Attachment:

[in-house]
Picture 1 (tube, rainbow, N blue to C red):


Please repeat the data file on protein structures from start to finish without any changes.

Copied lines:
[in-house]
Picture 1 (tube, rainbow, N blue to C red):